Pate Conaway interview: The dynamics of the medium
After discovering knitting while working in a retirement home, Pate Conaway went to study an interdisciplinary arts program at Columbia College, Chicago. He combines a self-taught version of crochet with alternative materials such as rope, wire and rubber to create his spectacular works.
In our interview with Pate he tells us why exploration is integral to his process and how his improvisational work as an actor plays a major role in his varied creative life.
Starting to play
TextileArtist.org: What initially captured your imagination about textile art?
Pate Conaway: Knitting! I fell into knitting! Years ago I worked in a retirement community. My job was to help the residents with their creativity, so I went at it, teaching book-binding, paper-making, painting, and other techniques I was learning in college. I was very unsuccessful. The women were not interested in my projects, they wanted to knit, crochet, and do plastic canvas embroidery. I remember one day having set up the vats to pull sheets of Japanese kozo. I was very excited and the women hated it! Later out of frustration I asked a woman to teach me how to knit. She generously agreed and began to show me how to make a washcloth. I was hooked. I became fascinated how knitting had all the elements of art – line, texture, pattern, color, etc. – yet the women who taught me were clear that knit was not art, but a craft! I think their insistence moved me because I wanted to prove them wrong.
Once I had the basics down and could make a washcloth without holes, I really started to play. I asked one of my favorite questions: “What if?” What if I changed the yarn to string? What if I knit with twine… or fabric, rope, foil, rubber caulking, or wire? When I showed my wire washcloth to my mentor, I remember her face dropping. She was perplexed and tried to think of some practical use for what I had knit. She thought a pot scrubber. I proposed knitting 50 wire washcloths, letting half of them rust, and then putting them altogether to make a wall hanging. What my mentor did was to introduce me to unlimited potential! The experience was the start of an exploration that continues to this day.
What or who were your early influences and how has your life/upbringing influenced your work?
I come from a working class family – policemen, nurses, butchers, and mechanics. The value was to be practical and get a job! Art was not in the equation. With that said, my family is a creative group. Take my paternal grandfather for instance; he was a motorcycle cop during the day and built dory boats in the evenings and weekends. There was always a sense of humor in what he did. He would paint his boats industrial gray and name them “Warthog.” I think he was thumbing his nose at the yachts on the other side of the harbor. I am sure he ruffled some feathers. I was also blessed with a father who has a wicked sense of humor and mother who is great at thinking outside the box. These gifts are staples in my work and practice.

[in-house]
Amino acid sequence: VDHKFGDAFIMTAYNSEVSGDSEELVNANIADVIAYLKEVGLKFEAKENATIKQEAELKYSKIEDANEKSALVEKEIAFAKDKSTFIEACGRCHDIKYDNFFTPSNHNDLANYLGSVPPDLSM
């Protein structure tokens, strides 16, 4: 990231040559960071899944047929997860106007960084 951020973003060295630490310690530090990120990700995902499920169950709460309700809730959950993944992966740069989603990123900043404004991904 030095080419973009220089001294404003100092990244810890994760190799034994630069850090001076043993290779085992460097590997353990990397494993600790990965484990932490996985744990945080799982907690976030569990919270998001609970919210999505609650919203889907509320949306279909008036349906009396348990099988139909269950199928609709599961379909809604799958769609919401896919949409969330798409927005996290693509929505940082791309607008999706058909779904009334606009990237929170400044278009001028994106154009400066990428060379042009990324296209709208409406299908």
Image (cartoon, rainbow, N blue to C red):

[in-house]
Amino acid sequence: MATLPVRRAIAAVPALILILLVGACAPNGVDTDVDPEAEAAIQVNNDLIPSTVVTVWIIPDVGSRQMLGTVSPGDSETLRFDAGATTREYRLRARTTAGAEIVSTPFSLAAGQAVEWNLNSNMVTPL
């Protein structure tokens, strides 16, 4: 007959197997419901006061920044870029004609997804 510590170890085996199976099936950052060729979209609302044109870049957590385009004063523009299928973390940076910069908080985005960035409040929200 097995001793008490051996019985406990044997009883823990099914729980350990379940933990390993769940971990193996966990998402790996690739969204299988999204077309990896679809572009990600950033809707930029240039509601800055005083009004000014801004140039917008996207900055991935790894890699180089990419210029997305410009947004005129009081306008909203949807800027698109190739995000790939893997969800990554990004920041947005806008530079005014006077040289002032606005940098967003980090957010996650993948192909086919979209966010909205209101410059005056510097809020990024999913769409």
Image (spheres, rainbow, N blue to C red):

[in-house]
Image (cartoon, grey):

What was your route to becoming an artist?
My art career was a backward journey. In college I attended many art openings, but of other people. I was surrounded by artists, but I became a healthcare professional. I got a job, did what I thought I was supposed to do, and then in my early 30’s I hit a big emotional and spiritual wall. I woke up and realized I had no idea who I was! Somehow I started asking questions. The big one was: “What have I told myself I cannot do?” My mindset was that I could never get up on stage, create art, take classes (no less go to art school), be in an exhibition, and alike. Fortunately I had wonderful friends that encouraged and challenged me.
I started taking classes and investing in myself as an artist. I read Julia Cameron’s The Artist’s Way and began to apply her principles. “What can I do for my art today?” became a daily question is now engrained in my life. I built up courage and started studying acting. I made it into the training program at The Second City, where I was taught improvisational acting. Little did I know that improvisation would become the foundation for my visual art.
After Second City, I got accepted into an interdisciplinary arts program at Columbia College Chicago. The director at the time, Suzanne Cohan-Lange, taught us to say: “YES!” Her construct was to let go of inhibitions and tell your story using multiple mediums. From the first day she had us doing self-portraits through visual art, performance, text, movement, and sound! I caught on because my thesis project included a gallery show, installation, and solo performance. I walked away with a body of work, but even better I understood my creative process.